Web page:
The book The Economy of You by Kimberly Palmer talks about how to create a second income stream or else create your own full-time business.

Again, using the book Changeology: 5 Steps to Realizing Your Goals and Resolutions can also help.

The Small Business Administration website can give you information too.

Going into business for yourself or working at an established company is possible.

Clearing hurdles will make it possible to do this.

One hurdle is overcoming resistance to getting any kind of job:

Either countering your own internal roadblocks or that of naysayers who claim it’s not in the cards for you to do what you want.

In the next blog entry I’m going to document a better way.

If any social workers are reading this I would like you to take note.

Recovery and Work

The real deal is that I had to fight for my right to have what other people took for granted: a full-time job and a home of my own.

Here’s what I can tell you when you face resistance to your employment goals or any other goals:

It doesn’t matter what other people think.

If I didn’t set the bar higher for myself early on no one else would’ve set a bar at all for me to reach.

That’s why I say: decide for yourself what to think about your prospects.

Seek to live up to your own expectations no one else’s.

America is a society where people are conditioned to compete against each other.

Thus you can see that not a lot of people are going to have a vested interest in seeing you get the same things that they want.

Remember my review in here of the book Dark Horse:

Success will come via fulfillment not the other way around.

I think it’s time in this blog to talk about money options when it comes to choosing a job you’d like to work at.  More on this in the future.

To give you hope I will relay here what my literary agent wrote in a book proposal:

“The vast majority of people with a mental health issue can work at a job.”

No kidding. I didn’t write that. An outsider did. Yet it’s true.

Learning from Green in BKLYN

I want to talk about not giving up. About going after your goal(s) with gusto.

One scenario from the business world should convince you that taking a risk is well-worth the fear of having it not work out.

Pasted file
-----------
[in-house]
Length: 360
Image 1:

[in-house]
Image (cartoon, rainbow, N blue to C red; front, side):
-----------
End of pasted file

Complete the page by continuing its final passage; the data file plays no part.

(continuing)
What’s the worst that could happen?

Not being successful is no cause for being upset. It’s better to try and have something not work out. Then to not try and wonder what might have been.

In 2009 Elissa Olin opened her business Green in BKLYN in the Clinton Hill neighborhood.

A mentor whose advice she valued told her not to do it because nobody wants anything to do with Brooklyn. That there’s no market for eco-friendly products. That in 10 years the business isn’t going to work.

Fast-forward to today: Olin signed a second 10-year lease on the shop. Her business is booming.

She was able to open up her shop in part because she won Brooklyn Public Library’s PowerUP! competition.

You submit to the yearly contest your business plan. The top business plans selected win cash prizes for the owner to start up their business.

You can go on Brooklyn Public Library’s website and type in PowerUP! in the search box to learn about the competition.

The moral of this story is:

Go after your goal(s) with gusto.

You don’t know unless you risk doing something what is possible.

If you don’t believe me take it from a sports great I’ll quote here to end the blog entry with:

Don’t be afraid to fail.

Be afraid not to try.

— Michael Jordan

Making Changes for the Better

Leo Babauta on his Zen Habits website invokes readers to see:

“The uncertainty and discomfort are a necessary component for us to do anything meaningful.”

Making changes–even when they’re for the better–isn’t always easy. It can be downright hard to try doing something new that has the potential to transform your life and elevate your confidence.